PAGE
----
Frances Bartkowski

Frances Bartkowski

Email

franb [at] newark.rutgers.edu

Phone

973-353-5014

Office Location

Bradley Hall, 213

Office Hours

By Appointment

Frances Bartkowski was director of the RU-Newark Women and Gender Studies Program, the oldest such program at Rutgers, from 1989-2002. She served as chair of the Department of English from 2010-2016, and is currently the Interim Chair of the Arts, Culture and Media Department. She also works closely with graduate students in the American Studies doctoral program and the English Department master’s program.

In 2015 Bartkowski was awarded a $75,000 Chancellor's Seed Grant for her work with The Collaboratory at RU-N.

In 2013 Bartkowski team-taught a course about the HBO show The Wire with Sherri-Ann Butterfield, Professor of Sociology, and Executive Vice Chancellor. In a 2014 series of events inspired by that show and focused on Newark, Bartkowski and Professor Roland Anglin, director of the Cornwall Center for Metropolitan Studies, interviewed Michael K. Williams (aka ”Omar”), one of four actors in The Wire who spoke at Rutgers during that year.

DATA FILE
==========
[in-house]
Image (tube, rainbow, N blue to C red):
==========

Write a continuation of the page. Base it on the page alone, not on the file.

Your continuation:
Bartkowski published her first novel, An Afterlife in 2018, and is also the author of Feminist Utopias, 1989; Travelers, Immigrants, Inmates, 1995; and Kissing Cousins: A Kinship Bestiary, 2008.

Frances Bartkowski has taught courses in feminist theory, literature and criticism, memoir and autobiography, travel writing, utopian fiction, 20th century American and European fiction, and authors Toni Morrison, Philip Roth, Margaret Atwood, Edith Wharton, and Willa Cather.

Bartkowski’s research interests include feminism, animal studies, trauma and memory studies.



Education

Ph.D.              University of Iowa; Comparative Literature, 1982

M.A.                University of Iowa; Comparative Literature, 1978

M.L.S.             University of Southern California, Library Science,1972

Diplôme        Université de Caen, France; Etudes supérieures, 1968

B.A.                 Montclair State College, NJ; French/English; 1969